This idea isn't for everyone. Some are you some of you are going to need collision coverage in addition to comprehensive coverage. That is either because of the value of the vehicle or if you have it financed through a car loan. But for those of you who are only carrying liability coverage, it's worth it just to get an idea of what it's going to cost. I think many of you will be surprised to see how much little extra it would be.
There is one major downside to this strategy of only carrying comprehensive coverage and not collision coverage that you need to be aware of. In the event you hit a deer that goes on comprehensive coverage, so no problem. .... But if you swerve to miss a deer and hit something else that would fall under collision coverage. So let's say you are driving down the highway and a deer runs out in front of you you swerve and miss the deer but hit a tree.... If you go with the strategy of only having comprehensive coverage, it would not be covered.
Exclusive Deer Coverage: Rare but becoming more common
This is a fairly new component of an auto insurance policy. Most companies haven't yet offered this on their policy. But I believe it be become more common as time goes on. It's sort of like having just a piece of comprehensive coverage.... The deer coverage option allows you to be covered for deer, but does not offer other types of coverage that comprehensive colverage includes. Examples would be theft, fire, vandalism, weather related damage (hail, falling tree) etc. For the companies that offer deer only coverage, it usually only costs less than half of what comprehensive coverage runs.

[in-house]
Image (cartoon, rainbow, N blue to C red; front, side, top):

There are a lot of things regarding auto insurance coverage that you may hear your friends or neighbors say. While much of it may be believed as true, some of it is true but some of it is NOT. There are a lot of myths/lies going around regarding auto insurance that are completely false! I've compiled a list of the top 10 most common myths/lies that I hear as an agent. Some of these may seem silly and obviously not true, while others may surprise you.
1. Having Comprehensive coverage on an auto insurance policy means that covers everything.
Truth: Comprehensive coverage in some states is known as other-than-collision coverage (OTC). I wished it was named that in all states because the term comprehensive is really a badly named title for the coverage it is. Comprehensive coverage is only one of several main parts to an auto insurance policy. You may have comprehensive coverage but still have inadequate coverage in other areas of your policy.
2. "Full Coverage" means I have everything that my policy has to offer.